Note:¬†Step 4¬†might seem like a trivial step that we sometimes feel like¬†eliminating for the wont of time, and to let you all into a secret, I’ve done that¬†a couple of times myself. But¬† I highly recommend that you go the whole hog and do this final step, especially if you’re making this for guests. ūüėȬ† May be its just an acquired sense of smell but the aroma from the ghee transforms this soup into a divine concoction and fills the place with a wonderful waft, bringing hungry stomachs to the dinner table. ūüôā

Stir-Fried Cauliflower (South Indian Style)

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The¬†H loves cauliflower and this is his all time favorite preparation. I learnt this dish from¬†my¬†MIL¬†and¬†had a request from my sister to share the secret with her. ūüôā Plus¬†we were¬†both craving for¬†a simple no-frills lunch so I made this to go along with good old rasam.

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The recipe:

Source –¬†MIL

Preparation time – 10 minutes

Cooking time – 15 minutes

Serves – 2 – 3

Here’s what you’ll need:

  • Half portion¬†of a Cauliflower (chopped into small to medium sized florets)
  • 1 small onion, finely chopped
  • 1 tbsp cooking oil
  • 1/4 tsp mustard
  • 1/4 tsp urad dal
  • 2 dried chillies
  • 1 tsp sambar powder/chilli powder
  • A pinch of turmeric
  • A pinch of¬†asafoetida¬†(hing)
  • A few curry leaves (roughly torn)
  • Salt to taste

How to make it:

  1. Heat oil in a wok/kadai/non stick pan. I normally use olive oil for most of my cooking, unless the dish is very traditional and calls for a specific type of oil. You are welcome to use any oil you are most comfortable with.
  2. Once the oil is hot, add the mustard and wait for it to pop. Then add in the urad dal, dried chillies, hing, turmeric, and curry leaves in quick succession. Add the chopped onions and stir until they turn translucent.
  3. Add the chopped cauliflower bits. Follow up with the sambar/chilli powder and salt. Give it a good stir. Sprinkle a tbsp of water into the pan and cover with a lid. Cook on medium heat for 10 Р12 minutes, giving it an occasional stir.

You can stop cooking when it is still slightly crunchy or go the whole way. This can be served with rice or rotis. A couple of tips:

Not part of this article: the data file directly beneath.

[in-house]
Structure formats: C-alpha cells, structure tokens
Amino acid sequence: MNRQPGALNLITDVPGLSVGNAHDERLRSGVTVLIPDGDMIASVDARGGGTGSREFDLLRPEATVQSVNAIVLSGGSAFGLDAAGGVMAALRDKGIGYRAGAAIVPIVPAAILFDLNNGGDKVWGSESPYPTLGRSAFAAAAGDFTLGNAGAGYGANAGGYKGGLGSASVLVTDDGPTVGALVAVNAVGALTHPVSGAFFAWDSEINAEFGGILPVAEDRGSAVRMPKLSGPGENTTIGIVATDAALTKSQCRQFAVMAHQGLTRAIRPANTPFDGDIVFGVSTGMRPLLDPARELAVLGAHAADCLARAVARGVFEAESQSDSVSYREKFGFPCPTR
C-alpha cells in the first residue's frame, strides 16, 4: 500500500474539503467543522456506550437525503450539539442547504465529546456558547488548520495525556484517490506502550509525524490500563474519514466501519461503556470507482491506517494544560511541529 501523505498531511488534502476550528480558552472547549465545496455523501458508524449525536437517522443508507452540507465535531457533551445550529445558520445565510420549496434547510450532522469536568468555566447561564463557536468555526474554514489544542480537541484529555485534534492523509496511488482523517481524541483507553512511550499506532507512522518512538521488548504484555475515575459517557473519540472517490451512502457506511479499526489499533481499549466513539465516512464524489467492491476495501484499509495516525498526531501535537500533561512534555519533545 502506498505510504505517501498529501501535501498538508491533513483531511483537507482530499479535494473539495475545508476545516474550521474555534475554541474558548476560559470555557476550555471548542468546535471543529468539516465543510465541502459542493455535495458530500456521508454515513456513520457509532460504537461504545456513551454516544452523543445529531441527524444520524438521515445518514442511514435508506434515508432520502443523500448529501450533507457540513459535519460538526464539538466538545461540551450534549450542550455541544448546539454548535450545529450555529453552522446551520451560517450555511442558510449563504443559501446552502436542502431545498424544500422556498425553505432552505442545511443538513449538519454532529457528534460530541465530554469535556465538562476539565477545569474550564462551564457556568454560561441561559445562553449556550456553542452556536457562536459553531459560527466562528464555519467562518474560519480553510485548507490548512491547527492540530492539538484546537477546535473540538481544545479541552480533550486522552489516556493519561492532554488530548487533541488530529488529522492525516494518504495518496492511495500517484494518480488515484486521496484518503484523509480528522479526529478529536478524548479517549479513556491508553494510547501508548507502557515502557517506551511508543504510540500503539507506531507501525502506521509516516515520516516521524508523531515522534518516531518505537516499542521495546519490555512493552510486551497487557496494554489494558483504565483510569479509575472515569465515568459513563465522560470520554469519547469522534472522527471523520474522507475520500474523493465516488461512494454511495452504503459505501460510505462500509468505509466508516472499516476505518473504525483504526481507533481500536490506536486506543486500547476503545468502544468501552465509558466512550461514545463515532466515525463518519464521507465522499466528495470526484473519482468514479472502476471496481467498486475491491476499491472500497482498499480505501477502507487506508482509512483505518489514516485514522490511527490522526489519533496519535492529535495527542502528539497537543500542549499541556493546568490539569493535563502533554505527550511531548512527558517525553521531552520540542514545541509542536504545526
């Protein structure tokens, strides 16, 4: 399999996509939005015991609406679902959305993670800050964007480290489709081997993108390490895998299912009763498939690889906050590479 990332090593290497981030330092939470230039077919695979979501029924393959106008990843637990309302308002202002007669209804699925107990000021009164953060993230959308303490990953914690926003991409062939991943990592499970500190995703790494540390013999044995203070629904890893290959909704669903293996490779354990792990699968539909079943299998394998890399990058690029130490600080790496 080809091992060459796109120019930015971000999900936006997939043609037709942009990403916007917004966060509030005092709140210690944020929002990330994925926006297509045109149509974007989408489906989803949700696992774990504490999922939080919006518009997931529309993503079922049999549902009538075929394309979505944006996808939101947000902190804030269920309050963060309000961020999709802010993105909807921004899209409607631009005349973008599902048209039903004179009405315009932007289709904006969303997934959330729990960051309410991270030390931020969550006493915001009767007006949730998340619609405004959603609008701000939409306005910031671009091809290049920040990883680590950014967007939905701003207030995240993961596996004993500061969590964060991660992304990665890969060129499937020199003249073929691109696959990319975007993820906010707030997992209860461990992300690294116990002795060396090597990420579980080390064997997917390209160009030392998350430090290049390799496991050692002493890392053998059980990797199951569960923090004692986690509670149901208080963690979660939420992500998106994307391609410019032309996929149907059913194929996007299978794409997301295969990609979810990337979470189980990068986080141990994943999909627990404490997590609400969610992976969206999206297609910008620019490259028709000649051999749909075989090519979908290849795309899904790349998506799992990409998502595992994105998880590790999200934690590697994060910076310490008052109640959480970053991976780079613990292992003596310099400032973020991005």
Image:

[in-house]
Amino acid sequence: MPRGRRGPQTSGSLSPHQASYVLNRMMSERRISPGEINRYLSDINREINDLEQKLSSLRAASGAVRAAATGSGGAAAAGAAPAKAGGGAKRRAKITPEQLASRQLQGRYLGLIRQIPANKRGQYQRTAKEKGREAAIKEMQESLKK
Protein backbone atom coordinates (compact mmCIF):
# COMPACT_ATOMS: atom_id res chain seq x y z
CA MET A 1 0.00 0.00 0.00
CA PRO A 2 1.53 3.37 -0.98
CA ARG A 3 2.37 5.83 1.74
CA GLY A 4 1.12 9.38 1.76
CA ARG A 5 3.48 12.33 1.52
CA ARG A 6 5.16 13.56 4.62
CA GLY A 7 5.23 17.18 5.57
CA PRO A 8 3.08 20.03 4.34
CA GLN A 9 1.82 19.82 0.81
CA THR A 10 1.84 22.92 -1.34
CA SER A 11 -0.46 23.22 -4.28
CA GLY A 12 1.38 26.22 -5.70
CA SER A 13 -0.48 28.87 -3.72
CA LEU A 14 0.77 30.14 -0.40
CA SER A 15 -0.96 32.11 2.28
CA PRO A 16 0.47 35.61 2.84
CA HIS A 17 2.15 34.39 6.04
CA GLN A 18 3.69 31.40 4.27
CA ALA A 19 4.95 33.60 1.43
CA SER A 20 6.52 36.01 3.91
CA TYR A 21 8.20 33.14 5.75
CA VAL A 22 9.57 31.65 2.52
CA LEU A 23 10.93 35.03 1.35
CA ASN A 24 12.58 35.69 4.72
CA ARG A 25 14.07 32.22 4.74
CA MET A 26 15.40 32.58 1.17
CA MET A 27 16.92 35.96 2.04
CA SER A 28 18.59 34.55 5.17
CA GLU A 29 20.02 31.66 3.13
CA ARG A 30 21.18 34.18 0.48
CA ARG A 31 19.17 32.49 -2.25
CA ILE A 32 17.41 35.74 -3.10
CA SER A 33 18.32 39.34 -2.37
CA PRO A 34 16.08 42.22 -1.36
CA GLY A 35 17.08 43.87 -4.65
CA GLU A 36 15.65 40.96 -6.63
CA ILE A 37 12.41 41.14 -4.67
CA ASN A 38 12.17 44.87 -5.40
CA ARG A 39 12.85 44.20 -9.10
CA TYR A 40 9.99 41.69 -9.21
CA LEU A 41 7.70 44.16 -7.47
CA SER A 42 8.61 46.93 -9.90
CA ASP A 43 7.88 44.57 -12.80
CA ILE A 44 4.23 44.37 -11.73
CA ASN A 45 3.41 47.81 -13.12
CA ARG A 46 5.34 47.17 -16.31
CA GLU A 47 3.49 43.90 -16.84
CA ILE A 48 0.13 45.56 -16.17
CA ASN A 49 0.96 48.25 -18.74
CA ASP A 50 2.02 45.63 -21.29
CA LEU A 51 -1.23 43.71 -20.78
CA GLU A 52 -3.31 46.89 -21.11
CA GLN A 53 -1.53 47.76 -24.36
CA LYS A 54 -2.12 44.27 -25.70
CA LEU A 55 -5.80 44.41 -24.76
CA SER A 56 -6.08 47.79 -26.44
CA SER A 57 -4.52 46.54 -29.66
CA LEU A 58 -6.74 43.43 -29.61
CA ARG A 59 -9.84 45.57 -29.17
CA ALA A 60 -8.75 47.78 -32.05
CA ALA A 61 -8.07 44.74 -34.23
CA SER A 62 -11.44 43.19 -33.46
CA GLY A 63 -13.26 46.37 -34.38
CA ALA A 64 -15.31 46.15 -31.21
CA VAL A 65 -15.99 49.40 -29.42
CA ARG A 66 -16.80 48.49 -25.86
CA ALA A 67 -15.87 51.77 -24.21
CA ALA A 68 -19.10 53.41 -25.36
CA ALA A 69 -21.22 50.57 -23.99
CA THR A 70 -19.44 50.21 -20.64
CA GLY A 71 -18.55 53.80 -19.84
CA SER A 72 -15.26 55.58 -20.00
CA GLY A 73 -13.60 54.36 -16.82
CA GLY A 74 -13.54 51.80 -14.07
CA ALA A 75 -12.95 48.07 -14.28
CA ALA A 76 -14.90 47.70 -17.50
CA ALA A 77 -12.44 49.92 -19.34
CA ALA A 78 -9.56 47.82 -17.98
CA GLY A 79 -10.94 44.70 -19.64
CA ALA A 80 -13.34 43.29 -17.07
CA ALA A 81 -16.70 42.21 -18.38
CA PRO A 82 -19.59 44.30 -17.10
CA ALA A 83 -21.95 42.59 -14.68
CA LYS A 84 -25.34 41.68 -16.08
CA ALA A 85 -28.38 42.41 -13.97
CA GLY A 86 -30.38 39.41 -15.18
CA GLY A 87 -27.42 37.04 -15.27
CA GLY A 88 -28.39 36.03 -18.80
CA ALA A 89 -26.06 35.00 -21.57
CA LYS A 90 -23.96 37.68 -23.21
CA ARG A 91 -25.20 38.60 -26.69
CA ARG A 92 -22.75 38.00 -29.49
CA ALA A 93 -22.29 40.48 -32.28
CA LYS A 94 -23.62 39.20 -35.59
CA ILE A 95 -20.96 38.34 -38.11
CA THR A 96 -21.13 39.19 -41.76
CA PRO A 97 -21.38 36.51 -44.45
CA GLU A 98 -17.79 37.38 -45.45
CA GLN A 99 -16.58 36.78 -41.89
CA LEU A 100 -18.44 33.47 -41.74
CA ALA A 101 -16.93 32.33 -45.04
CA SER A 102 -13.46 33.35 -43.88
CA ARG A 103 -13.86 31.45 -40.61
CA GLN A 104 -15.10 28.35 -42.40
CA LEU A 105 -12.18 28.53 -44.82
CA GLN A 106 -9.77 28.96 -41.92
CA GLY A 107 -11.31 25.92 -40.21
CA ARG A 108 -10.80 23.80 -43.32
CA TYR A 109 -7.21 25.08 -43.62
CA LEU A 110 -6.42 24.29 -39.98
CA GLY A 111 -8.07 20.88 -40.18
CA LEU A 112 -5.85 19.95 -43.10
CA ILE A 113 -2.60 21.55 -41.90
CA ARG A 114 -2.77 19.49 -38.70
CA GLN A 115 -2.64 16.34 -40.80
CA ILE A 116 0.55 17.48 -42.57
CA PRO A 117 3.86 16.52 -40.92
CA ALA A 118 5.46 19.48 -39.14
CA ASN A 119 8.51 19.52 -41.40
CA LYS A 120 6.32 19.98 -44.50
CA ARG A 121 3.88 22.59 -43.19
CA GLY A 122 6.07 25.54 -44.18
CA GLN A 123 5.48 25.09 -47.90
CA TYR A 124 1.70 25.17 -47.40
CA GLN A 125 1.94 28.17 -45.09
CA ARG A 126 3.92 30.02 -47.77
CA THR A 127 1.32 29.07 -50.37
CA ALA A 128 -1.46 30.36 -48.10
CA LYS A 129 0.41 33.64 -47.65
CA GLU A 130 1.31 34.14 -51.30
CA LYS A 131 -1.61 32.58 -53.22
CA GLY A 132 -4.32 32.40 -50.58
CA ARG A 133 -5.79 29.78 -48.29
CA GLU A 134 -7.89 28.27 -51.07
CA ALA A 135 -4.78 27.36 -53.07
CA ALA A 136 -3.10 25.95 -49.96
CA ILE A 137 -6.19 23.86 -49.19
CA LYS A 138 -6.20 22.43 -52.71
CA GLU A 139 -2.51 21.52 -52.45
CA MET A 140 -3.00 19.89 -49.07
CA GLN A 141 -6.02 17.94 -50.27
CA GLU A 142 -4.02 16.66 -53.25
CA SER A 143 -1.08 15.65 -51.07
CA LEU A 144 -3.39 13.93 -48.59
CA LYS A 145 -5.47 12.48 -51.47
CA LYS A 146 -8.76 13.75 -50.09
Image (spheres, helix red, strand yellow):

• If you are new to the kitchen, make sure to always add the turmeric and hing JUST BEFORE adding the vegetables. They tend to burn easily otherwise, and you don’t want that.
  • I’ve started using sambar powder instead of¬† red chilli powder¬†in a lot of south indian stir fries. I learnt this trick from the MIL again. Since the sambar powder also contains lentils in it, you can add this powder more generously without making the curry too spicy or burning the powder.

Heeray Kaayi Mosaru Bajji (Ridge gourd raita)

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This is an interesting recipe for a raita, quite different from the conventional raita recipes but fairly simple to whip up. This dish has Havyaka origins from Karnataka, but it has been modified and innovated upon as it changed hands in my family. I borrowed this recipe from my mum. A cool thing with this dish is that its goes down well even with those who don’t usually like members of the gourd family. I have the husband as proof of that. ūüôā

The recipe:

Preparation time – 5 minutes

Cooking time – 10 minutes

Serves 4

Here’s what you’ll need:

  • 1 ridge gourd (Thurai in Hindi/Heeraykai in Kannada/Peerkangai in Tamil)
  • 2 tbsp grated coconut (fresh/frozen)
  • 3-4 dried red chillies
  • 2 tsp urad dal
  • 1 tsp sesame seeds (til)
  • A pinch of asafoetida (hing)
  • 1/2 tbsp oil
  • 2 cups of yogurt/curd

How to make it:

1. Wash, peel and chop up the ridge gourd into medium sized bits. You don’t have to be too careful with chopping since we’re cooking them very soon.

2. Heat the oil in a pan. When sufficiently warm, add in the chillies, urad dal and sesame seeds and fry until the dal turns golden brown ( it takes very little time).

3. Once the urad dal and sesame seeds are roasted add in the chopped ridge gourd and cook until it turns soft (around 5 – 7 minutes). Let this mixture cook for a bit.

4. Blend the cooked mixture, coconut, hing and salt in a mixer (or with a hand blender) into a fairly smooth pulp.

5. Add in the yogurt and give it just one whizz in the mixer and the raita is ready.

You can serve it along with rice, as a side dish to Sambar or Rasam. It tastes best when you use cold yogurt or chill it before serving. I love using this as a dip with dosas as well.

Until next time…keep the curry leaves ready!

Hello world!

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Just married and experimenting with cooking. Using mum’s and the MIL’s recipes for inspiration. Being a nooB here, using my cooking adventures to explore the blogosphere. So wish me the best and visit me for some interesting recipes. ūüôā